One of the things that’s become more apparent during the recent COVID-19-pocolypse is the degree to which society is interrelated. We knew we had to depend on nurses, doctors, and other medical professionals. We knew (at least subconsciously) the huge debt we owe to teachers.
But who could’ve imagined the significant role that truck drivers, supermarket cashiers and shelf-stockers, sanitation workers, and mail carriers play in a well-run economy? As we look forward to getting back to “normal,” and anticipate the simple pleasures of going to the movies, catching a ballgame, or attending a concert, we certainly owe a tip of the hat to the ticket-takers, snack servers, and parking lot attendants who will accompany those “normal” experiences.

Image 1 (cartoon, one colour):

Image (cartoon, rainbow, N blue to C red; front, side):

We are indeed part of a much larger whole. In the words of the apostle Paul, “God has put the body together . . . that its parts should have equal concern for each other” (1 Cor. 12:24, 25). As we do our work in basement “offices” and spare bedrooms, on dining room tables, sharing space with spouses, kids, pets, and parents, it’s nice to know that we’re not alone. If we’re lucky, we have a staff that shares our burdens and grateful readers who provide valuable feedback.
Beyond that, we have this assurance from Jesus to His disciples of all ages: “I am with you always, to the very end of the age” (Matt. 28:20).
I’m proud to share this journey with you. I wish you strength for your tasks.
Stephen Chavez, president
Associated Church Press